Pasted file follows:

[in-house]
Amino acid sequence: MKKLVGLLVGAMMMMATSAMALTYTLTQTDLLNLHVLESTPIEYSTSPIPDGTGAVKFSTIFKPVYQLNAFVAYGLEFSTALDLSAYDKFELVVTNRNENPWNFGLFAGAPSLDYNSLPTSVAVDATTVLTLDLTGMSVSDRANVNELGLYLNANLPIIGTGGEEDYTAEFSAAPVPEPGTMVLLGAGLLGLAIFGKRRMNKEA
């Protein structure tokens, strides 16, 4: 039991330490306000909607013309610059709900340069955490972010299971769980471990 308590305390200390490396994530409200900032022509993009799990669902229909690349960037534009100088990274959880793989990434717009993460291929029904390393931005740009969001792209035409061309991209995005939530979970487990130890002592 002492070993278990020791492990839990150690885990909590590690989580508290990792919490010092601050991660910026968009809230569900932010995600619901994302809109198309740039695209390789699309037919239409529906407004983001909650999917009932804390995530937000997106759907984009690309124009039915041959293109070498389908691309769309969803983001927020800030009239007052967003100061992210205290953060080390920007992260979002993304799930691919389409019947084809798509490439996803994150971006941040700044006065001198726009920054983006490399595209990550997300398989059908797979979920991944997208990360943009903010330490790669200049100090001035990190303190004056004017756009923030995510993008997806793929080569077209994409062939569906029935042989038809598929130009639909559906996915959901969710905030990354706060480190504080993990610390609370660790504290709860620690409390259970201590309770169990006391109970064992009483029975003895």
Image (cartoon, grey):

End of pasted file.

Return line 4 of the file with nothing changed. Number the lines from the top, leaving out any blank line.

Image (cartoon, grey):